Male Wistar rats (Japan SLC, Hamamatsu, Japan) were obtained at 8 weeks of age and maintained on a 12-hour light/12-hour dark cycle (lights on between 8:45 a.m. and 8:45 p.m.) at 24 to 26°C with free access to water and a regular diet (CRF-1; Charles River Laboratories Japan, Yokohama, Japan). The animals were used for the experiments at 10 weeks of age. All animal procedures were performed in accordance with the Guidelines for the Care and Use of Laboratory Animals of Kanazawa University, and all animal protocols were approved by the Institutional Animal Care and Use Committee of Kanazawa University (protocol number: AP-173838).


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Experiment 1: Diurnal Variation in the Activity of Coagulation Factors

The rats were anesthetized with pentobarbital (30 mg/kg, i.p.). Blood samples were collected in 3.2% sodium citrate tubes (Terumo Corporation, Tokyo, Japan) by cardiac puncture at the following zeitgeber times (ZTs): 0, 4, 8, 12, 16, and 20 hours, with ZT0 defined as lights on and ZT12 as lights off (8:45 a.m. and 8:45 p.m., respectively). The plasma samples were centrifuged (1,500 g) at 4°C for 10 minutes and then stored at −80°C until assayed. The plasma activities of FII, FV, and FX were determined by measuring the clotting time of a sample using the appropriate reagents (factor-deficient plasma and the HemosIL RecombiPlasTin kit; IL Japan, Tokyo, Japan) and an automated coagulation analyzer (ACL TOP; IL Japan). The activity levels were expressed as percentages (relative to normal human plasma). PT and APTT were measured using a coagulation analyzer (CA-510; SYSMEX Corporation, Kobe, Japan) according to the manufacturer's instructions.


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Experiment 2: Dosing Time-Dependent Effects of Edoxaban on Coagulation Activity

The rats were divided into four groups and orally administered edoxaban (10 mg/kg; Daiichi Sankyo Co., Ltd, Tokyo, Japan) dissolved in 0.5% (w/v) methyl cellulose (Wako Pure Chemical, Osaka, Japan) or administered vehicle only (0.5% methyl cellulose) at ZT2 or ZT14. The dosage of edoxaban was selected based on previous studies.[21] [22] At 2, 8, 14, and 20 hours after dosing (i.e., ZT4, ZT10, ZT16, and ZT22 for dosing at ZT2; ZT16, ZT22, ZT4, and ZT10 for dosing at ZT14), the rats were anesthetized with pentobarbital (30 mg/kg, i.p.), and blood samples were collected in 3.2% sodium citrate tubes and sodium heparin tubes (Terumo Corporation) for coagulation activity assays and edoxaban plasma concentration measurements, respectively. The plasma concentrations of edoxaban were measured by high-performance liquid chromatography with tandem mass spectrometry, as described elsewhere.[18]


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Experiment 3: Dosing Time-Dependent Effects of Edoxaban on Thrombus Formation

The rats were orally administered edoxaban (10 mg/kg) or vehicle at ZT2 or ZT14. At 2 or 14 hours after dosing (i.e., ZT4 or ZT16), venous thrombus formation was monitored according to Hladovec's method.[23] Briefly, rats anesthetized with pentobarbital received an injection of hypotonic saline (0.225%) into the femoral vein (5 mL/kg/min for 2 minutes), and the inferior vena cava was then ligated using 4–0 silk suture just below the left renal vein. Ten minutes later, the vena cava was ligated again, 1.5 cm below the first ligation. The thrombus that formed between the ligation sites was collected 90 minutes after the second ligation. The protein content of the thrombus was measured using a bicinchoninic acid assay kit (Thermo Fisher Scientific, Waltham, Massachusetts, United States).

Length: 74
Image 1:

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Statistical Analyses

The overall difference between more than two groups was determined using one-way analysis of variance (ANOVA), followed by Tukey's post hoc test to determine the differences between individual groups. All calculations were performed using SPSS Statistics (v24.0, IBM, Armonk, New York, United States). The data are expressed as the mean ± SD. A p-value of <0.05 was considered to indicate statistical significance. The data were plotted graphically using GraphPad Prism version 8.4.3 for Windows (GraphPad Software, San Diego, California, United States).


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Results

Diurnal Variation in the Activity of Coagulation Factors

Consistent with the previous study,[24] the plasma activities of FII, FV, and FX exhibited diurnal variation, with a peak in the middle of the light phase and a trough at the beginning of the dark phase ([Fig. 1A]). In parallel, the APTT was significantly longer at ZT16 than at ZT4 ([Fig. 1B]). The diurnal variation in PT followed a similar trend, but the difference between the two ZTs did not reach statistical significance ([Fig. 1C]).

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Fig. 1 Diurnal variations in coagulation factor activities in rats. Blood samples were obtained at zeitgeber times (ZT) 0, 4, 8, 12, 16, and 20. (A) The plasma activities of factors II, V, and X. (B) Activated partial thromboplastin time. (C) Prothrombin time. White and black horizontal bars indicate the light and dark periods, respectively. Data represent the means ± standard deviation (n = 3–6). The p-value (analysis of variance) is presented at the top of each panel. *p < 0.05, **p < 0.01 versus ZT4.

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Dosing Time-Dependent Effects of Edoxaban on Coagulation Activity

The potential dosing time-dependent effects of edoxaban on coagulation factor activity were examined using ZT2 and ZT14 as the dosing time points, followed by comparisons with the coagulation factor activities at 2, 8, 14, and 20 hours. Compared with vehicle administration or edoxaban dosing at ZT14, edoxaban dosing at ZT2 significantly lowered FII and FX activities at ZT4 (2 hours after dosing; [Fig. 2]). Compared with vehicle administration, edoxaban dosing at ZT14 significantly decreased FII and FX activities at ZT16 (2 hours after dosing) and significantly decreased FII activity at ZT4 (14 hours after dosing; [Fig. 2]). At ZT16, there are no significant differences in FII and FX activities between the two groups of edoxaban dosing. The activity of FV was not influenced by the administration of edoxaban at the either dosing time points ([Fig. 2]). Together, the inhibitory effects of edoxaban on FII and FX activities during the light phase were greater after dosing at ZT2 than after dosing at ZT14.